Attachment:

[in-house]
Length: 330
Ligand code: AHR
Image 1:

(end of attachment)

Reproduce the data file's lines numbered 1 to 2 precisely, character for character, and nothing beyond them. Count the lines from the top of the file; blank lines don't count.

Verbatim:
[in-house]
Length: 330